5 Things To Consider Before Heading To PTAB

Those familiar with Patent Trial and Appeal Board proceedings are no doubt aware of some basic trends with respect to post-grant challenges: Institution rates have dropped over the past two years to around 60 percent, and the likelihood of at least some challenged claims surviving a PTAB proceeding has correspondingly increased. This article, rather than focusing on statistics, analyzes recent case law developments, rule changes and shifting legal frameworks, and presents five factors that companies facing patent infringement claims should consider when determining how to best leverage the advantages of PTAB proceedings.

SAS Institute Inc. v. Iancu

The U.S. Supreme Court’s SAS decision generated significant debate over whether petitioners or patent owners will benefit more from the decision. Regardless of the overall balance, it is clear that the threat of estoppel with respect to prior art has grown significantly, and petitioners can no longer expect that printed prior art will be available at trial. Petitioners can alleviate estoppel concerns by (1) investigating system art early, because that art is not subject to potential estoppel; (2) conducting more intensive and thorough prior art searching earlier in cases, so that the best art is presented in an inter partes review petition; and (3) preparing high quality IPR challenges shortly after a patent lawsuit has been filed.

In addition to estoppel, SAS requires that the parties address grounds which the PTAB found unlikely to be successful at institution. While this provides a petitioner an additional opportunity to change the panel’s view
on a ground that otherwise would not have gone forward, it will require both petitioners and patent owners to make difficult strategic decisions regarding how much effort and attention to place on such grounds. For example, when preparing a patent owner response and during the deposition of the petitioner’s expert, the patent owner will have to decide whether to spend time attacking grounds that the PTAB has already found unlikely to succeed, which will likely reduce the patent owner’s ability to attack and focus on other grounds.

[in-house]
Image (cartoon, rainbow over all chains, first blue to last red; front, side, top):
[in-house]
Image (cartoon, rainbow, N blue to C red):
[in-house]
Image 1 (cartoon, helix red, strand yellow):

SAS will also require petitioners to carefully consider whether to include potentially weaker grounds in petitions, as such grounds can still result in estoppel even if the board finds them unlikely to succeed at the institution stage. Previously, the denial of such grounds at institution would not have triggered estoppel.

35 U.S.C. § 314, 325, and the Evolving General Plastic Analysis

SAS changed the estoppel landscape and increased the need to present stronger prior art arguments at the PTAB. Additionally, the board has limited the prior art grounds and arguments available to petitioners with the factors set forth in General Plastic Industrial Co. Ltd. v. Canon Kabushiki Kaisha.[1] These General Plastic factors not only limit the ability of a petitioner to file a second or “follow-on” petition, but also are being used by patent owners to greatly limit the prior art arguments available for IPR challenges. This includes prior art “previously considered” by the U.S. Patent and Trademark Office, which patent owners argue not only includes art used in office actions, but also anything cited on the face of the patent or used in other post-grant challenges of the claims (including those filed by separate parties).

While the decision may be an outlier, the General Plastic test has even been used to deny institution of an IPR by a company that had not previously challenged the claims.
In NetApp,[2] the board decided that NetApp had waited too long to file its own IPR petition while other companies moved forward with IPRs of their own. While the factual history underlying NetApp is unique and complicated, it still leaves open the question of how broadly panels will utilize the General Plastic test.

PTAB Rule Changes (Sur-Replies and the Phillips Standard)

Beyond case law changes, the structure of PTAB proceedings continues to change, resulting in additional challenges that petitioners must be equipped to handle. With a recent rule change, IPR proceedings will now include sur-replies for patent owners, allowing patent owners to have the last word in written briefing before the oral hearing. Petitioners must factor in this change — including its many ramifications on strategy, counter-strategy, and potential new arguments — when preparing a petition, lest they be caught off-guard later in the proceeding, when it is too late to change course.

Last week, the PTAB instituted a rule change to switch from the “broadest reasonable interpretation” standard to the Philips claim construction standard. This switch will create additional implications that defendants must consider and account for when preparing a petition. To date, petitioners have been able to utilize the BRI standard to challenge the claims using the same — often broad — interpretation of claims from the patent owner’s infringement allegations, while at the same time preserving arguments in the district court that such a construction is not proper under the Philips standard. With the PTAB’s switch to the Philips standard, petitioners must carefully consider the strategy implications of, for example, filing an IPR that challenges the claims with a broad construction consistent with the patent owner’s interpretation in district court; filing an IPR under a narrower and proper construction under Philips; or to avoid certain IPR challenges (at least some claims) to preserve arguments for district court. Additionally, the Philips standard for PTAB proceedings will require defendants to determine much earlier in litigation — at higher costs and disruption to its business — whether to prioritize noninfringement or invalidity arguments, and what proposed constructions will be needed when a Markman hearing is likely still at least a year away.